Inferior officers are appointed either by the president, cabinet-level officers, or the courts. But even then, the Constitution specifies that only Congress can authorize the making of such appointments. For these inferior officers, only Congress can create their offices, and also specify who appoints them. And such officers are still answerable to Congress. They are subject to subpoena to testify before Congress, and Congress holds the power of the purse by making annual appropriations for their division or program.

    White House officials, by contrast, cannot be compelled to appear before Congress and testify. They are alter-egos of the President himself, and as an agent of the Executive Office of the President they are entirely removed from Congress, and not answerable to Congress in any way. That was why during the Bush administration White House Chief of Staff Josh Bolten, Senior Advisor Karl Rove, and Counsel Harriet Miers could not be compelled to testifiy to Congress when President Bush invoked executive privilege (a battle they may well have won if they pressed their case all the way to the Supreme Court). Senior presidential aides advise the president alone, and the seperation of powers forbids congressional interference in that relationship.

    But that's the problem with these czars. The president can have any adivisors he wants, people who privately adivse ihm or meet with others on his behalf, but have little or no actual authority to exert government power on anyone. These czars, however, are directly dictating policy, impacting millions of lives in the way that few assistant secretaries or deputy undersecretaries do.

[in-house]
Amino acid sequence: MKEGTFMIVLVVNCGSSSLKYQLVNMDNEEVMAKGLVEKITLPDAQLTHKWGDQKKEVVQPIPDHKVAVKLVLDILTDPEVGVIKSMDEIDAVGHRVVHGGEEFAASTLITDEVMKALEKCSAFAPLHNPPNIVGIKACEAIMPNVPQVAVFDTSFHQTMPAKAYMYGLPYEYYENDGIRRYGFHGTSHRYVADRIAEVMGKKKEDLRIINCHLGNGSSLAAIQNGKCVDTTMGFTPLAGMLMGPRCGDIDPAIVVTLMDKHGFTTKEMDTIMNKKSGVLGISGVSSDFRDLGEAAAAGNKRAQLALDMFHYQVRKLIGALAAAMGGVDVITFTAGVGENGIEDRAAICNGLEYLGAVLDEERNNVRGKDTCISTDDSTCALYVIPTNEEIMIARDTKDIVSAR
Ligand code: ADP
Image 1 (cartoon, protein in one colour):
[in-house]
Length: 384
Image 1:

The Founding Fathers specifically wrote the Constituion in a way to deny such absolute power to emanate from one person. That was why they required that no principle officers could exercise any power unless the US Senate decided to confirm them. That was also why they specified that even for inferior officers only Congress could create their positions and could still require them to answer to Congress. The Founding Fathers were specifically blocking the type of centralized power that President Obama is currently exerting.

    Fortunately, there is a remedy. Any person on the recieving end of an order from any of these czars has standing to challenge their constitutionality in court. Any person whose pay is deemed excessive by Kenneth Feinberg, or affected by any other czar, could file a federal suit asserting that the order is an unconstitutional exercise of government power, and have a court both invalidate the order and hold that the position itself does not legally exist. Then everyone could just ignore these czars, because they would simply be private citizens, without the authority to order any of us to tie our shoes.
  2. Standard member sh76
    Civis Americanus Sum
    02 Jul '09 13:29 / 4 edits